Ruffin McNeill often speaks with his hands, sometimes punching the air to demonstrate his point from a boxer’s perspective.
Describing East Carolina’s defensive intentions this season, the Pirates’ coach snapped a few short jabs.
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“You’re in a fight, let’s swing first,” he said.
That’s the plan for the Pirates’ defense as described by the first-year, first-time college head coach, who arrived here after 10 seasons at Texas Tech. He expects the unit to run and swarm, engulfing opponents in a sandstorm of blitzes and momentum-stuffing-tackles.
“Let’s attack,” said McNeill, who served as a defensive coordinator for three years at Texas Tech. “Let’s try to predict tempo from a defensive point of view. Let’s play a lot of kids on defense. Everyone gets a chance to make plays.”
As the Pirates open the season against Tulsa on Sunday, returning on the heels of back-to-back Conference USA championships, the focus centers on a team installing a new spread offense – known at Texas Tech as the “Air Raid” – and replacing a fifth-year starter at quarterback.
With the departure of head coach Skip Holtz, who took over the program at South Florida, the Pirates must adjust to a new head coach.
East Carolina must replace Matt Dodge, a first-team All-Conference punter, who led the league last season and was drafted by the NFL’s New York Giants.
Important tasks, for sure, yet the Pirates are attempting something with an even tougher degree of difficulty on defense.
They must replace nine defensive starters, including an entire defensive front, a monumental task rarely forced upon teams.
“I’ve never seen this before,” Pirates’ defensive coordinator Brian Mitchell said. “Never. It’s amazing.”
Gone are senior defensive linemen Scotty Robinson, Jay Ross and C.J Wilson, who was drafted in the seventh round by the NFL’s Green Bay Packers. Also departed are linebackers Nick Johnson, Chris Mattocks, and Jeremy Chambliss, along with safeties Levin Neal and Van Eskridge.
Plus, junior defensive tackle Linval Joseph, the unit’s top returning player, declared for the NFL draft and was selected in the second round by the New York Giants.
Those players took their heavyweight, bruising style of defense with them, leaving the Pirates without the nucleus of a squad that finished with the conference’s top scoring defense, allowing opponents just 21.9 points per game.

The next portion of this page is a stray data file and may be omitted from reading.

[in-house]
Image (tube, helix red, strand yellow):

Under McNeill, the Pirates will keep the same multiple 4-3 scheme up front, though they will look like an entirely different team once the ball is snapped.
With undersized players, they now prefer speed over power.
“This is a lot of blitzing, a lot of responsibility football,” East Carolina senior defensive tackle Josh Smith said. “Knowing when to have your gap. We move around a lot. It’s very fast football.”
Last year, with 300-pound-plus players such as a Ross and Joseph on the line, the defense battered opponents, wearing them down and forcing them to punt – a bend-but-don’t-break mentality.
“We want to take the ball,” Smith added. “We want to give our offense every chance we can to score.”
To accomplish that East Carolina coaches have stressed “running to the football.” It’s the catch-phrase of training camp.
Mitchell has asked his players to sprint to the football on every possession and understand the basics of their technique and assignments. But effort is the most important component, especially since coaches may signal the green light to go on any given down.
“The task is running,” ECU senior linebacker Dustin Lineback said. “We’re sending linebackers, sending ends, safeties, we’re blitzing, we’re running all over the field.”
Replacing nine defensive starters, many of whom had held their position for multiple seasons, the Pirates are left with inexperienced players.
Practice time features many simulated game situations in order to provide players with some frame of reference. Second and third team players will see time this season.
Senior linebacker Melvin Patterson said he attacked summer workouts and is one of the first to arrive to practice. He said players such as junior defensive end Maurice Mercer, junior linebacker Steve Spence and senior linebacker Wes Pittman soaked in numerous lessons from the players in front of them.
“You want to make a notion that you’re a great defense,” Patterson said. “That you love playing defense.”